Our Marriage Initiative aims to strengthen marriage for all who seek it.
We've done more work on this topic than on any other, and many people (not just us) will tell you that IAV is the nation's leading think tank on marriage and family life.
We've been at it a while. In the 1990s, we brought together scholars from across the political spectrum to make the case for strengthening marriage, produced the most influential essay of the decade on the importance of the two-parent home, and wrote books and reports and made speeches and issued appeals on the crisis of fatherlessness. Rejecting the culture-war rhetoric of "family values," we showed over and over again that family structure matters. This work contributed to a measurable shift in scholarly and public opinion on the role and importance of marriage.
In the 2000s, we helped to create and lead a broadly based "marriage movement." We brought together diverse scholars to produce a consensus statement of "Why Marriage Matters." We convened scholars to develop and propose "Leading Marriage Indicators" for the nation. We worked to give voice to those who had previously been unheard, undertaking major investigations of children of divorce and donor-conceived children. We released a series of reports to the nation on topic such as the taxpayer costs of divorce and unwed childbearing, the consequences of marriage for African Americans, the future of family law and principles for family law reform, the roles and attitudes of American mothers, the connections between money and marriage, and the global revolution in the meaning of parenthood.
In recent years our national debate on marriage has been dominated by the issue of gay marriage. The issue has had a big impact on us, and we've had a big impact on it.
David Blankenhorn, the Institute's founder and president, wrote a 2007 book opposing gay marriage; testified as an expert witness in the California "Prop 8" case; searched for common ground with pro-gay marriage leaders; and changed his mind on the gay marriage issue in June of 2012. The impact on the Institute was dramatic.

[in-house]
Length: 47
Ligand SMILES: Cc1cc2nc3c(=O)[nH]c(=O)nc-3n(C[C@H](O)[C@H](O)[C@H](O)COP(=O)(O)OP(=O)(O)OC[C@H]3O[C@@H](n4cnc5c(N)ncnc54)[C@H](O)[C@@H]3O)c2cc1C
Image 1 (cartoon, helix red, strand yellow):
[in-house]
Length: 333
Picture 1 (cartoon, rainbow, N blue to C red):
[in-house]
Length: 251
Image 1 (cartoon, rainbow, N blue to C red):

Amidst these changes and struggles, our mission regarding marriage remains the same - to renew and strengthen the institution.
In March of 2013, we released A Call for a New Conversation on Marriage, signed by 75 scholars and leaders. You can read the Call. You can also read the New York Times story on the Call. To see how this project continues to unfold, you can read David Blankenhorn and Jonathan Rauch's op-ed in the NY Daily News, read David and Jonathan's dialogue in the Huffington Post, read David Blankenhorn's op-ed in the LA Times, and listen to David interview the author and psychologist Jonathan Haidt on "Can We Bet Beyond the Marriage Culture Wars?" (The Haidt conversation is the first in a series.)
A hallmark of our work is collaboration across disciplinary and philosophical lines. Our 2013 book What is Parenthood? brings together diverse scholars who frequently disagree for collaborative engagement on the meaning of parenthood, and our 2013 book Gender and Parenthood brings together scholars from the natural and social sciences to explore the biochemistry and social roles of parenting.
Institute scholar Amy Ziettlow, joined by Institute Fellow Naomi R. Cahn, a law professor at George Washington University, are currently leading a major study of Gen X caregiving and grieving called Homeward Bound: Aging, Death, and Dying in an Era of High Family Fragmentation.
Another result of creative scholarly collaboration is our 2013 report Does the Shape of Faith Shape Families?, which explores the relationship between family structure and religious faith and offers recommendations to houses of worship.
Listen to David Blankenhorn and Charles Murray discuss "Can Marriage Be Saved?"
Read the Statement A Call for a New Conversation on Marriage